Excerpt of The Seduction of Silence by Bem Le Hunte
(Page 4 of 7)
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Jyoti Ma hated the way that Hukam-Singh the cook would always take instructions from Aakash, but feigned deafness whenever she commanded the dishes of the day. Yet Hukam-Singh's wife Deepika could call him from the other side of the house and he would always hear her. Why? And why did the cook and sweeper prefer to spend time together instead of attending to her needs?
She felt isolated being away from her family with a new husband in the middle of the Himalayas. And she hated the servants for feeling so at home in the hills. For feeling more at home in her house, with her husband, than she did. The servants could have helped her melt the snows, but her breeding dictated that she preserve all the boundaries between her class and theirs.
Jyoti Ma claimed her space by pushing away the people who served her, to the point where she hated them and resented their service. Even Govinda the mahout was divested of respect and tolerated only at the far end of the verandah. She started blaming the servants for her unhappiness and at every opportunity she would grumble to her new husband about the headaches they were all causing her.
In her anxiety to justify her authority over the servants she even found herself laying traps. Sometimes she would count out the amount of mithai in her cupboard so that she would know when some had been stolen. Almost eager for it to disappear. Then she would carefully empty packets of dust and soil in the kitchen cupboards just so that she could take up Hukam-Singh on the disgusting state of his kitchen.
The servants were no longer allowed to eat all the food they required. Only one dhal, roti and subjee was left for them, because that was all they deserved. Occasionally, when a piece of fruit was only minutes away from complete deterioration, she would donate it to the kitchen with great generosity and tell the servants to share it amongst themselves.
When she took over the accounts of the farm there wasn't a single minor corruption that was overlooked. Every poor farmhand's attempt to wangle a few extra paise out of the roaring profits of Prakriti was severed, like a hand chopped off for its crime. And with these extra savings, Jyoti Ma began her series of infamous shopping trips to Delhi, which were the talk of all the locals.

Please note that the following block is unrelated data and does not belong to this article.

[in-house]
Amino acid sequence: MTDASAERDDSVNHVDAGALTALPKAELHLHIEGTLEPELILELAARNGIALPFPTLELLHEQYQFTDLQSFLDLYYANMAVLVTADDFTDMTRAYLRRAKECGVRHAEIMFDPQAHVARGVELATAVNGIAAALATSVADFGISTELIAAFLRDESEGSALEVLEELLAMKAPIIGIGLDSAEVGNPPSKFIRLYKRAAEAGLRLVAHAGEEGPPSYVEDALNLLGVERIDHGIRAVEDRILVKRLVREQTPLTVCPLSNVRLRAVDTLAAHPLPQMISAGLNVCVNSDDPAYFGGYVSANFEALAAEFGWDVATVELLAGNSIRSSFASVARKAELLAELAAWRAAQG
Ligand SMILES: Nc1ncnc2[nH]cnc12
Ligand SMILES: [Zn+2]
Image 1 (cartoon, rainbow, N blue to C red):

As a lady of means she invested the profits of Prakriti shrewdly in ornate sets of gold, diamond, ruby and emerald jewelery from every part of India. Then there were the Kanchipuram and Banarsi saris, threaded with heavy gold weave. When the first automobiles arrived in India she shocked everyone by announcing that she had bought one at the cost of three thousand rupees. "How could that be?" the other landowners pondered. "You can build a grand house for that much money."
Her next task was to dispose of the old servants altogether. If she could install a new batch, then none of them would ever question who held the scepter in the house.
Her opportunity came one day when Deepika was sweeping the floors and her back crumpled from the stress of having to watch every move she made around her new mistress. Jyoti Ma continued sipping her tea, rang her little metal bell, and called for her cook to come and carry away his crumpled-up wife.
"Aakash, these servants are absolutely useless. She's a jellyfish! Not made to work. No backbone. We must get rid of the pair of them."
The replacement cook was a villager from Uttar Pradesh who had left behind his new wife after just three days of marriage to go and work so that he could keep her. In place of his wife, the woman in his life became Jyoti Ma - a stern partner and exacting employer. The new sweeper was almost too old to work, but servants were hard to come by even in those days, especially as word had traveled about memsahib's treatment of her household workers. He had a few years of life left in him, though, and Jyoti Ma knew she could make him work for them.
This is a complete excerpt of Chapter 1 from The Seduction of Silence by Bem Le Hunte. Copyright 2003 Bem Le Hunte. All rights reserved. No part of this book may be used or reproduced in any manner whatsoever without written permission from the publisher, HarperCollins Publishers.